| If the goal of human development is survival, and the process of human development is conditioning, then the best indicator of human development is longevity. It does not matter what one does with one's life so long as it is long. A long miserable life is better than a short happy life. A person who lives an unexamined life for a century is better developed than Lord Byron who petered out before 30. Such inanities suggest that this model of the person is inadequate.|
Unfortunately, this inadequate model is the implicit model of the person underlying the traditional practices in social development. I have tried to demonstrate this by going beyond the usual exposition of behaviorism, which considers only the above two propositions - 'The person has only extrinsic needs' under the topic of motivation and 'The person is conditioned from the outside in' under the topic of learning - to four further propositions which are implied by them.
The six propositions serve also to contrast the behavioristic model clearly with the humanistic model, which is usually only vaguely described as a reaction to behaviorism. As you can see by looking at the table of contents, each of the propositions in the system of propositions, which constitutes the humanistic concept of the person, negates the corresponding proposition in the system of propositions, which constitutes the behavioristic concept of the person.
The ends and means of human development, from the inside-out point of view of humanism, were presented in section 3(a) The person has intrinsic needs and in section 3(c) The person grows from the inside out, respectively. In this case, the goals are not in the environment but are built into the person at the moment of conception. The person is not manipulated from the outside in but unfolds from the inside out. Powered by an organic system of biological, sociological, and psychological needs, the person seeks satisfiers of them in order to fully realize the human potential. Those needs are universal within our species, providing us all with our common humanity, but the means of satisfying them vary from time to time and from place to place, providing us each with our delightful diversity. People are not passively 'developed' by forces outside their skin, awareness, and control, but are the active agents of their own development. It is not mere quantity of life but quality of life which matters. May I suggest that this alternative model of human development is a more adequate foundation for a theory of social development?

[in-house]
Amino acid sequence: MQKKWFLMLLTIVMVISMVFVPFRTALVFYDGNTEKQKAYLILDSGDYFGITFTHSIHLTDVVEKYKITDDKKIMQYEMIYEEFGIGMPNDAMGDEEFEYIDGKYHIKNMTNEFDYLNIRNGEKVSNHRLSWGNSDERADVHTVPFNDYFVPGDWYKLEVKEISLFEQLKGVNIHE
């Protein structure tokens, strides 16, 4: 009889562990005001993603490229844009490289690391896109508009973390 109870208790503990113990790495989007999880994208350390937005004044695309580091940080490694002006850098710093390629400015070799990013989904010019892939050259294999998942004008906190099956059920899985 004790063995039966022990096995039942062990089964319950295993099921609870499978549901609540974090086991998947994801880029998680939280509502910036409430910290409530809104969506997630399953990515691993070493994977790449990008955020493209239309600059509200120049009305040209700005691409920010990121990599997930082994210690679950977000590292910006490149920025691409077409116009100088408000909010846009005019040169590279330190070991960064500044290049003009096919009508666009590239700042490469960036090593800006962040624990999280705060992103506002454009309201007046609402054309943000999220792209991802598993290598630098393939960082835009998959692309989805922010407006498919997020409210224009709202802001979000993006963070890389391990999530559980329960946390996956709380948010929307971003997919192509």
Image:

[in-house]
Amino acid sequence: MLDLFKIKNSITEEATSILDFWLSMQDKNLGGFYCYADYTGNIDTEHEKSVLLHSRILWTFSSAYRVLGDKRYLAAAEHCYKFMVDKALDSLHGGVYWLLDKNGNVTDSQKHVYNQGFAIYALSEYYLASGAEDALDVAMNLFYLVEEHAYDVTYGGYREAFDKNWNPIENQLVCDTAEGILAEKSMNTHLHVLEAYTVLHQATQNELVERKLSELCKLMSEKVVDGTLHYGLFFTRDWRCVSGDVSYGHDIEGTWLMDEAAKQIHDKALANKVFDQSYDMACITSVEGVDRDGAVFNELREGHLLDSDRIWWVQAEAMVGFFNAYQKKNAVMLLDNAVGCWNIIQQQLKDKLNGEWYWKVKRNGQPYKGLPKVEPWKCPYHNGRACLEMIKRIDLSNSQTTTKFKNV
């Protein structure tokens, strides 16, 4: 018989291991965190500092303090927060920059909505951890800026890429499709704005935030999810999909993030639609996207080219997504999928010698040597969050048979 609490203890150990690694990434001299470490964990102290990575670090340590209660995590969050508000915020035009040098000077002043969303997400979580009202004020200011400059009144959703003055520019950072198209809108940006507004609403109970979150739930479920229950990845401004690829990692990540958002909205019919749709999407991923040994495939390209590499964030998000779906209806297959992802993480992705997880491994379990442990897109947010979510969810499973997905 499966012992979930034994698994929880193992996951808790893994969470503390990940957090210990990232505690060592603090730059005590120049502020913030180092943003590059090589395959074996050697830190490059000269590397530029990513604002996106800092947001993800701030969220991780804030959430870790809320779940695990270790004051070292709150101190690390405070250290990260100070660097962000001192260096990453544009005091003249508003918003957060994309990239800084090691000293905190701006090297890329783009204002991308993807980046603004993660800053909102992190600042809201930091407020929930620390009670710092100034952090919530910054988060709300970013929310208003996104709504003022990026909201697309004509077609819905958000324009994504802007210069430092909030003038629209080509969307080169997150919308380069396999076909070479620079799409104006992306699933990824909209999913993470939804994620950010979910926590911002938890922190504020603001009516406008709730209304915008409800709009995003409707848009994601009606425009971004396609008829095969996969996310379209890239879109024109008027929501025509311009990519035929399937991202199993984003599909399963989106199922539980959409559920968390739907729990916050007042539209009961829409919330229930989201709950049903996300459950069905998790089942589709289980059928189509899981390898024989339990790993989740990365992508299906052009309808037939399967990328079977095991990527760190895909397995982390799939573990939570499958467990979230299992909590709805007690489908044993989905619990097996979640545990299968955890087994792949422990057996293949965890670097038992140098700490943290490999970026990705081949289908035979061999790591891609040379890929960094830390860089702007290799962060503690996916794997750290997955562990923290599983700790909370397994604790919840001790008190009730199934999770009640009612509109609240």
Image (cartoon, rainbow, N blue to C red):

The extension of this inside-out point of view from the micro to the macro level is best left to those of you who are more experienced than I at the macro level of analysis. However, before leaving the subject, let me just make one distinction between the two points of view which may be of some help in this process.
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